Overmolding is an injection molding process that allows an additional layer of resin to be added to an existing molded part to provide a combination of properties that a single material cannot. One of the most common applications is adding a layer of a soft, functional, hands-on rubber-like material, usually TPE (thermoplastic elastomer), to a rigid substrate. Another is to change or enhance a part’s appearance or “cosmetic” by overmolding materials in different colors or finishes. Overmolded materials can be found on anything from medical devices and hand tools to toothbrushes and gaskets and seals within components.
As a manufacturing process, overmolding provides excellent adhesion between dissimilar materials and eliminates the need for manual assembly. Since the process can be automated to varying degrees, it is cost-effective. And reducing the complexity of assembly can help reduce costs and speed time-to-market for products and devices. But most importantly, it can greatly increase the range of material properties available to product developers.
There are three main methods of overmolding
1. Transfer overmolding is a robotic procedure in which substrate parts are mechanically removed from one mold and placed into another larger mold. The overmold material is injected to fill the empty spaces in the second mold, typically when the next substrate is produced in the first mold.
2. Rotary overmolding is another robotic process in which the mold is moved from one injection station to another to allow injection of the substrate and overmolding material.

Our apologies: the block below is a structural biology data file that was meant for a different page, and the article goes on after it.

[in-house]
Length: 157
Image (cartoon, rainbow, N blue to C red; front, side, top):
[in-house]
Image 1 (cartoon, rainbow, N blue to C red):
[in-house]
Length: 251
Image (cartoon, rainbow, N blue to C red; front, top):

3. Core back overmolding can only be used for specific linear geometries. The mold consists of a sliding section pulled back after the first material is injected and set to allow the second material to be injected.
All three overmolding methods layer the overmolded material onto a warm substrate, which facilitates chemical bonding. All three products require specialized equipment and expensive molds, but due to their high degree of automation, they are cost-effective in high-volume production, often more than 10,000 pieces, often over 100,000 pieces.
Comparing overmolding methods
While the manual placement of substrates into secondary molds is slower than robotics, it can often be accomplished faster and at a significantly lower cost for low- to mid-volume parts. The biggest challenge in overmolding is the reduction of chemical bonding between the overmolding material and the cooled substrate. To maximize adhesion, the substrate must be handled carefully to prevent contamination of surfaces that could affect adhesion. In addition, proper material selection can also help ensure good bonding in pick-up applications.
The role of bonding
The adhesion between the resin layers helps prevent the layers from separating. Bonding may be subject to multiple forces that can pull the layers apart depending on the part geometry.
These measures include
1. Direct tension causes the butt joint to separate.
2. Shear caused by tension parallel to the bonding interface, resulting in lap separation.
3. Debonding that usually starts at the edge and propagates along the interface between materials.